File types such as HTML, CSS, Jpeg, SWF, etc.
Raptor’s web crawler collects data for every accessible resource on a site.
Within the column for ‘File Type’, there many potential values that can be returned for this:
This is not an exhaustive list as there are innumerable file types.
If the URL is inaccessible
File types determine what a file is, whether it’s an image, a readable web page (HTML) or a file that controls how things look like fonts and templates. Raptor breaks down every file type for you by returning the file extension of the file within this column’s fields.
The examples below show how File Type data can be used for SEO.
A quick glance at a crawl might show that 1,000 URLs have been crawled but this is could be 100 HTML/Text pages and 890 Images and 10 other file types.
Understanding the split is important when analysing a site from almost any perspective.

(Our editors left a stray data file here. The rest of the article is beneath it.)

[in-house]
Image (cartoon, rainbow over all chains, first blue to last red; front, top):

Depending on what you are trying to look at or analyse you will often need to filter by the file type to ensure you are only looking at or counting the right resources. We include other column headers such as ‘canonical’ page which is defined as a HTML/Text page. This can save you some time setting up filters or looking at data.
The list of guides below might be useful if you are analysing technical SEO data and want to know more about it:
Related column headers in Raptor website crawler reports for this topic are as follows:
There are several main benefits to analysing technical SEO data, some of the more popular ones we’ve listed below:
- Identify inaccessible page
- Identify HTTP/S duplication issues
- Identify File Types
- Identify Response codes
- Fix Broken Links
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